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Teaching English abroad, Part 2: Q&A with a future teacher

Check out Part 1 of this series featuring a former teacher who taught English in France.

Jeff Ferguson, a McMaster alumnus with an Honours BA in philosophy and English, will be leaving for Korea in October 2009 to teach English as a second language. I asked him to tell me about his experience deciding on and planning for the transition.

Q. Why do you want to teach English abroad?A. For me, I had no idea what I wanted to do long-term after graduating. I might attend grad school, but I knew that if I did, it wouldn’t be for at least two years after I graduated. I knew that I had to do something in the meantime, and a friend who was going to Korea to teach English suggested that I apply for it too. I looked into it, and it seemed like a really good idea. Travelling and working abroad has always interested me, and this was a very easy way to do it.

Q. How did you decide on Korea?

A. I know that some people do Japan, some Taiwan, etc., but I think I just chose Korea because I knew a couple of friends who were also going there. I then found out I actually have a lot of friends who are doing this too, and luckily enough, at least four in the same city as me. It’ll be really nice to know people who are undergoing the same thing.

ferg 300x225 Teaching English abroad, Part 2: Q&A with a future teacher

“How many people can say that they spent a year working abroad?”

Q. Why did you decide to teach abroad at this time in your life: do you see a benefit in doing this after having graduated, or had you not thought about it seriously before?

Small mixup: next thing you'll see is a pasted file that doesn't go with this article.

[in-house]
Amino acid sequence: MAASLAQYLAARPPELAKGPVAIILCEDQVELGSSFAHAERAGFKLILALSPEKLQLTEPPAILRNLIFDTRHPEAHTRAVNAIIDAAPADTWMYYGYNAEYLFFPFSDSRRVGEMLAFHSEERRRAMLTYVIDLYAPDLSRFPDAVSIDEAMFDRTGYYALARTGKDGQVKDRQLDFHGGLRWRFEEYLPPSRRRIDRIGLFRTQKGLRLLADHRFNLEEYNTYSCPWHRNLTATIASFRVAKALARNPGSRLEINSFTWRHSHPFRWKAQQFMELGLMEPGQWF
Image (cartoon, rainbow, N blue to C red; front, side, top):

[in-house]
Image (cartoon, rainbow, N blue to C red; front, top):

A. I hadn’t seriously thought about this until February when it was suggested by a friend. But yeah, I can see a lot of benefits — teaching experience is always good. It will be very good work experience, too. How many people can say that they spent a year working abroad? It’s a full-time paying job, too, so I guess it’s pretty cool that I have that guaranteed for 12 months after graduating.

Q. What certification do you need to do this? How did you obtain it?

A. Really, anyone with a post-secondary degree can do it. I have a degree in English which puts me one step above the competition — most people who have a degree in something else have to take a TESL (Teach English as a second language) course if they want to receive the same pay that someone with a degree in English will.

Q. What are some potential challenges you can foresee?

A. Where to start? Culture shock, homesickness, not knowing the Korean language… and that doesn’t even begin to cover the actual job. Teaching a group of children is always a challenge; add on the fact that I’m not fluent in their language and they’re not in mine… yeah, it’ll be tough.

Written by

Danielle Lorenz is a long-time contributor to the Career Incubator. Danielle is a PhD student in Educational Policy Studies at the University of Alberta. She completed her MA in Canadian Studies at Carleton University, and also has two bachelor's degrees from McMaster University. Her academic work focuses on Indigenous-settler relations, representation, curriculum studies, critical race studies, cultural studies, youth culture and how zoos can function as educational institutions. When procrastinating from schoolwork, you will find Danielle lurking on several social media platforms and trying to befriend the snowshoe hares on the U of A campus.

2 comments

  1. Jax
    June 29, 2009 at 11:57 am

    you’ll generally need tefl or cetla not tesl. Second Language is for teaching in countries where English is the first language. It’s more a total immersion.

  2. Elizabeth
    June 29, 2009 at 3:53 pm

    This article provides a different perspective than the actual organizations that arrange the exchanges.

    I have thought about doing work like this before, but didn’t realize that my major in English might mean that I wouldn’t have to get extra qualifications.

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